— Why do you think they disliked this idea?

— Well, some of these girls don’t even think of what they are doing, they are selling their bodies to get some nice branded clothes, they work in hotels, they want to look pretty and attractive. Their needs are increasing. Some don’t even realise that they are prostitutes, they don’t know anything about the risks of their deeds.

 — Does your very own clinic ( L’ Ayurveda Healing Centre) offer medical care for such HIV patients?

— Yes, of course, but again it is often problematic as we cannot disclose their names and so we cannot involve their parents. This issue concerns the whole family not only one person. Other illnesses are also threatening them which could easily be avoided if they followed certain hygienic measures for instance. For HIV and other serious cases, of course we also advice them to be under professional medical supervision.

— So would you say that these poor souls lost the values, and are chased to run away because of the financial burdens of traditionalism?

— Yes, yes, the influx of materialism but I wouldn’t blame it only on that. We need matter, I am not against it, and not against money either, we need that too. Now you might as well have experienced on your journey how Bali is more expensive than Java, where it is easier to find jobs too. There is this certain unbalance in Balinese society as materialism is increasing but living conditions are not increasing that much. My latest campaign for example is against tourism. I am not talking about people like you, who travel on their own and spend good money in Bali. I am in fact talking about all those Korean, Taiwanese, Chinese and Japanese groups who come here through package holidays that are organised by their own countries’ agencies, they also have their own tourist guides here, not to mention their own shopping centres. So if a tourist comes from Korea on 100 dollars only 10 dollars remain here, the rest goes to Korean pockets. This is killing our traditional market. There is the case of Sukawati for instance. It used to be a place to buy handicrafts, even wholesalers went there to buy in bulk: woodcarvings, and the like. You had to go there really early in the morning to get the best bargains, as early as 4 o’clock, say. This was in the beginning of the nineties. Now all that is gone, so I am not surprised if you have not heard about Sukawati at all. Many of the big shopping malls and department stores belong to foreigners, who use their local associate’s name for investment purpose. The money is not remaining here but the expenditure is going up. The other issue of the campaign is to try and explain that spiritual tourism is not only about coming here on a religious purpose, it also involves the eco system. When you want to build something for tourists and you destroy the eco system it is not right. I am very much against the building of golf courses as well and have always said they belong to Scotland, not to Bali. Ok, they can try building them in Papua or some other place, say, where there are not too many tourists. Develop the undeveloped regions, but do not overburden a place like Bali, please….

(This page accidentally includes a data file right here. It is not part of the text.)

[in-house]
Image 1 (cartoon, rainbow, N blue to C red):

by Virag Balogi and Tibor Weiner Sennyey | 27 March 2012